The 29-year-old relocated from Portland to Whidbey Island to take a farming training program at Greenbank Farm. Now he and his partner, Annie Jesperson, have leased an acre on Whidbey Island and are growing and selling fall and winter vegetables directly to 30 customers.
Their biggest challenge isn't working the land or finding customers. It's getting established in a business that is, as Talbot puts it, "highly capital-intensive." Tractors, land, a greenhouse -- the costs of getting started are high even for a farmer who wants to start small.
He hopes a new program will help. Talbot was one of the first people to apply for a program aimed at new farmers and ranchers. If he's accepted, it will help him save money for a big purchase.
The program is a rural agricultural Individual Development Account. It's being offered jointly by two local nonprofits, Slow Money Northwest and Cascade Harvest Coalition.
Here's how it works: A farmer or rancher puts away money into a savings account and that money is matched with grant money, up to $2,500 per year for two years. The money can be used to purchase equipment or livestock, or to make a down payment on farmland.
It's not a lot of money, but it would help, Talbot said.
"For the vast majority of farms, it's chump change," he said. "For someone just starting out working a few acres, a few thousand dollars could buy a greenhouse, a used tractor or a major implement for the tractor -- the kind of things we need to get off the ground."
More than two dozen farmers and ranchers have applied for the program, which began this month.
IDA programs were first used as tools to combat poverty in urban settings. Low-income families were rewarded for saving for a new home, education or a new business with matching grants. Washington is one of 10 states to participate in a national effort to adapt this model to rural areas.
It's one way to help stave off the loss of farmers and farmland in America, said Tim Crosby, director of Slow Money Northwest.
"We need more farmers," he said. "The best way to keep farmland is to help farmers make money."
The program is more than some extra cash. Farmers who participate also receive business development training, mentorship and access to other resources, Crosby said.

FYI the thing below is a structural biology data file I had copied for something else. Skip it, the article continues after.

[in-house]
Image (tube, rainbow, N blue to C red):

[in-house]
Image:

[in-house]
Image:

America -- and the Northwest -- faces a serious problem with the loss of farmers and farmable land, said Mary Embleton, director of Cascade Harvest Coalition. Her organization is dedicated to reinvigorating the local food system.
Many of the people who work locally in agriculture are nearing retirement. Even if a young person has the knowledge and desire to enter the business, they don't usually have the money to buy land or expensive equipment, she said.
"It's a daunting problem," she said. "Most of the agriculture land is going to change hands in the next few years. If we want to maintain the benefits of local agriculture, we need to make sure people are getting on the land and working it."
Most young people entering agriculture don't have the long financial track record necessary to get a loan. The program helps new farmers establish a savings track record that will help them qualify later for traditional lending.
"It's just a start," she said. "It's not the silver bullet but it's one more tool in the tool kit."
This program is geared toward people who are certain they want to make a serious go of farming or ranching, Embleton said. It's not for folks who are still giving it a try. To qualify, participants must be part of a farm business training program, incubator or internship which includes a minimum level of financial literacy and business development training.
The start-up money for this program is paid for with an $18,000 federal grant. The grant money that goes to farmers comes from donations. The director of Slow Money said they are targeting businesses and organizations with a vested interest in farming.
For more information, go to www.slowmoneynw.org.
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